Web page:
PICCIOLI: What was the most important moment in your career? The one you remember most, the one you want to save.

WILSON: I think for Wes and me, the most important thing was James L. Brooks producing our first movie and giving us a chance to come to Hollywood, because without him, we might never have gotten the chance. I remember that like it was yesterday, and it was over 20 years ago: him coming to Dallas and meeting with us; doing a reading of the script for him, then going to dinner with him later. Just the excitement that we had that we were maybe going to be able to make a movie. And he then sort of became our mentor, brought us out to Los Angeles and worked on the script for a year with us. We learned so much working with him—just being able to spend time with him, the quality of his mind, the things he comes up with and says. I think Wes and I could go to dinner tonight and spend the whole dinner thinking and talking about things that Jim has said to us over the years. He's just a very original person. So that was definitely the luckiest, most important thing that happened to me. Then I guess also meeting Ben Stiller. He cast me in the only thing I think I ever auditioned for and got: Cable Guy [1996]. And that led to us becoming friends. And I've worked with him more than anybody. I always think about Katharine Graham—she was the publisher of The Washington Post. In her autobiography she talks about the way her parents met. Her father was, I think, in New York just walking by on his way home and looked into a store and saw the lady that became his wife. It was just pure luck. And she said that it once again reminds her of the role that luck and chance play in our life. I really believe that, too.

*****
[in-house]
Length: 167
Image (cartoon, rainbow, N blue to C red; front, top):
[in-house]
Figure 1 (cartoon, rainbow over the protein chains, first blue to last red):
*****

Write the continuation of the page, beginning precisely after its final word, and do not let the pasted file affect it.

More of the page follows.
CHIURI: And now we know that you love shopping. What about it do you like?

WILSON: Well, I like the Valentino store in Rome. [laughs] Because in Rome when I'd be riding my bike, that store is right next to the Spanish Steps, and it gets so crowded there, so I could sometimes duck into the Valentino store and go up to the top floor and have a little espresso and just relax and take it easy. And then I became sort of an aficionado on the Valentino pajamas, because I like those so much. I think somebody like Wes has a very good sense of style and is original. I think my sense of style got a little bit better after I was exposed to you guys at Valentino. Because I'm just in Hawaii and Malibu; it's just kind of T-shirts and surfing-type stuff.

PICCIOLI: Fashion is fashion. Style is how you make fashion personal. It could also be about how to be ridiculously good looking.

WILSON: How to be really hot. [laughs] Hansel is certainly about comfort, while still sort of having a peacock principle of wanting to attract attention.


MARIA GRAZIA CHIURI AND PIERPAOLO PICCIOLI ARE THE CREATIVE DIRECTORS OF VALENTINO.

Hansel is certainly about comfort, while still sort of having a peacock principle of wanting to attract attention. —owen wilson